Nobel-Winning Biologist Rita Levi-Montalcini Dies in Rome at 103


As a homeschooling parent and GeekMom, I am a big fan of doing science at home. And no one epitomized that idea for me more than neurobiologist Rita Levi-Montalcini.

Levi-Montalcini, who died in Rome Sunday at the age of 103, received the Nobel Prize in 1986 along with her colleague Stanley Cohen for their discovery of the chemical signals used by cells to communicate with one another. Amazingly, Levi-Montalcini did her early research into nerve growth by studying chicken embryos in a makeshift laboratory in her bedroom.

What Levi-Montalcini uncovered was the mechanism that allows developing organisms to reach their final form through the selective pruning of unnecessary cells. Human fingers, for example, are webbed as they develop in the womb, but later separate when the cells making up the webbing die off at a pre-programmed point in the fetus’ development. She went on to isolate the chemicals that tell cancer cells to keep growing from snake venom and mouse saliva.

Levi-Montalcini Wired ItalianLevi-Montalcini Wired Italian

Levi-Montalcini was on the cover of Wired’s Italian edition in 2009.

Levi-Montalcini was born in Italy in 1909, the daughter of an electrical engineer and a painter. She came from a Jewish family that traced its roots in Italy back to the Roman Empire, and she was raised in the tradition of the time to be a wife and mother. Her twin sister Paola devoted herself to the “acceptable” career of painting. But at age 20 Levi-Montalcini convinced her father to allow her to go to university to study medicine. As she describes in her autobiography on the Nobel Prize website, she managed to fill in the gaps in her education, graduate from high school, and enroll in university in eight months.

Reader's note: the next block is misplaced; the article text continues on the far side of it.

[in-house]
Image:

She graduated summa cum laude from the University of Turin medical school in 1936 — just in time to have her career plans thwarted by Italian dictator Benito Mussolini’s decree banning Jews from academic study or work as a professional. Rather than flee, her family decided to stay in Italy and find work that would not involve associating with outsiders.

In her bedroom laboratory, Levi-Montalcini took up the study of what makes cells grow and what makes them die. With the outbreak of World War II, she and her family were forced from their home by bombing, but Levi-Montalcini carried on her work in a country cottage until going underground when the Nazis invaded Italy. When her part of Italy was liberated by the Allies, she served as a doctor in a refugee camp, helping to fight typhus and other diseases.

After the war she was invited to repeat her experiments at Washington University in St. Louis, and she split the remainder of her time between Italy and the United States, where she continued to work as a guest professor even after her retirement in 1977. She also became a senator for life, using the honorary position to become active in the Italian Parliament. In 2010, she was among those who met with the Pope in Rome’s main synagogue.
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I first learned about Levi-Montalcini’s remarkable life when my kids and I watched the excellent 1996 documentary Death by Design. It features an interview with Levi-Montalcini in the home she shared with her sister Paola, who died in 2000. It was particularly interesting to learn that the artist and scientist had an influence on each other’s work throughout their life together. She credited her success to her willingness to work by intuition, much like an artist does. Her sister’s artwork, shown in the film, contained mathematical patterns inspired by science.

But for me the most amazing part of Levi-Montalcini’s story is that she overcame adversity to carry out world-changing scientific research in her own home.

As she told journalists in 2009, when she celebrated her 100th birthday: “I should thank Mussolini for having declared me to be of an inferior race. This led me to the joy of working, not any more unfortunately, in university institutes but in a bedroom.”

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